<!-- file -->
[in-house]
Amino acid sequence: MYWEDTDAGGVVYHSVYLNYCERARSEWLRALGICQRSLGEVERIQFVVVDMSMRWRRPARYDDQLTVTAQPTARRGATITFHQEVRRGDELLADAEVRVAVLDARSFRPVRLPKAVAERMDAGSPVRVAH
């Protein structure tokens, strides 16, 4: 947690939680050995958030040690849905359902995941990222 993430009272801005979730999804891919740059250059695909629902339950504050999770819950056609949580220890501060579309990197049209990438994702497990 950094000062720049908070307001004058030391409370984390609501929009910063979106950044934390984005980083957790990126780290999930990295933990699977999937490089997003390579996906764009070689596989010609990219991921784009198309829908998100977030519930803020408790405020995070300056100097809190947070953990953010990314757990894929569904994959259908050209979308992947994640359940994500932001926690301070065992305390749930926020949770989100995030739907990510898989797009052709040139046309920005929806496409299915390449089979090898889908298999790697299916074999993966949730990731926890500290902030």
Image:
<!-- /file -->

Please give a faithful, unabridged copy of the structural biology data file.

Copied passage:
[in-house]
Amino acid sequence: MYWEDTDAGGVVYHSVYLNYCERARSEWLRALGICQRSLGEVERIQFVVVDMSMRWRRPARYDDQLTVTAQPTARRGATITFHQEVRRGDELLADAEVRVAVLDARSFRPVRLPKAVAERMDAGSPVRVAH
């Protein structure tokens, strides 16, 4: 947690939680050995958030040690849905359902995941990222 993430009272801005979730999804891919740059250059695909629902339950504050999770819950056609949580220890501060579309990197049209990438994702497990 950094000062720049908070307001004058030391409370984390609501929009910063979106950044934390984005980083957790990126780290999930990295933990699977999937490089997003390579996906764009070689596989010609990219991921784009198309829908998100977030519930803020408790405020995070300056100097809190947070953990953010990314757990894929569904994959259908050209979308992947994640359940994500932001926690301070065992305390749930926020949770989100995030739907990510898989797009052709040139046309920005929806496409299915390449089979090898889908298999790697299916074999993966949730990731926890500290902030």
Image: